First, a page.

children walking

Fancying a Stroll in the 21st Century

Trekking, hiking, or simply taking a scroll is something that many of us have done at least once in our life. However, this is something we don’t give much thought to. This simple act of walking to the nearest convenience store or strolling in the park every afternoon is important in many ways. But how exactly, you ask? How is something as mundane as this have any significance at all? Science has an answer for you.

During the 18th century, after the warfare stopped and agriculture, transportation, and any sign of normalcy have restarted in Europe, people (specifically in the upper classes) started to walk and travel more for leisure. However, it was only until the last half of this century when walking on beautiful gardens, landscapes, riversides, etc., gained the general opinion of a posh activity as members of the upper-middle class popularized it.

Can you imagine that? Something as mundane as walking turned into a bandwagon everyone wanted to be on just because the rich were doing it. Well, we have the Kardashians to help us illustrate the double standards of boring-things-turned-popular if we were to put a side-by-side comparison for the 21st century.

Nevertheless, walks in nature deserve to be popular, especially with all the perks the outdoor activity carries. Whether it’s to clear your mind of worry or to enjoy a scenic view, nature walks are the answer. Here’s why you should get on the bandwagon even after a couple of centuries later.

Your Mind in Nature

You probably have an inkling of how walking positively affects your brain, especially if the activity is done in nature. Other than there’s more to it that’s worth knowing about, enjoy your next stroll knowing that this is what it’s doing for your mental health.

Keeping yourself active and moving exercises your brain, especially when the physical activity is done outdoors surrounded by multiple stimuli. This is why walking is one of the optimal exercises since it covers exercise for both the body and mind. Aside from that, as shown in one experiment, a simple walk in nature lowers cortisol levels and improved mood better than watching nature scenes or doing physical exercises alone. The phenomenon observed in the study is called the Stress Reduction Theory or SRT. This phenomenon facilitates your recovery from the after-effects of stress with the help of nature.

Nature walks do more than exercise your brain because it has positive outcomes for mental health too. In their analysis of 12 studies, Kotera and colleagues found that walks in nature may reduce the state of anxiety of a person. This is a great tip to know. The next time you feel nervous or anxious, take a brief walk outside.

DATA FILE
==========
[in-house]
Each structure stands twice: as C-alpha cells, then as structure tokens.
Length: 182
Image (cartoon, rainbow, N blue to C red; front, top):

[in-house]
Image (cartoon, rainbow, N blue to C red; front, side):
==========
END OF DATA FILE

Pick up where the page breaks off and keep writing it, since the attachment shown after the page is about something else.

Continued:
Walks are beneficial for every person, no matter what age. Considering the mobility issues and proneness to falls in older adults, walking could be the optimal physical activity for them. Results gathered by researchers from the 2017 California Health and Interview Survey suggested that moderate to strenuous leisure walking can improve the mental health and health perceptions of older adults.

people walking

Group Walks in Nature

Exercise is always more fun with company. But did you know that walking with your friends or family affects your well-being? A group walk in a natural environment was actually found to significantly improve one’s emotions and self-esteem. Similarly, it’s associated with a decrease in perceived stress, depression, negative mood, and an increase in a positive mood and mental well-being, a study finds. This group activity in nature has a wide range of health benefits too. Some of these are improved cardiovascular health, enhanced immune system, weight loss, among others.

What’s a better way to spend time than with people you care about? Although walking can be a form of exercise, it’s a better experience for people to share it with you. A group of research studies showed evidence that suggests that people who partake in this activity regularly are likely to experience connections with other people, nature and grow a sense of freedom.

To make the most of nature you’re taking in, you could set a photo walk on the weekend with friends or family. It’s a great way to take in the scenery while keeping a record of the memories. Worry about storage options later and take as many pictures as you like!

No one can deny how restorative mentally and emotionally walking is. It’s important to get to know its other benefits so the next time you plan for a walk, you can be more intentional and productive about it. Who would’ve thought that doing less than an hour’s worth of walking every day could do wonders to your overall well-being, especially with the right company?


Like & Share
Scroll to Top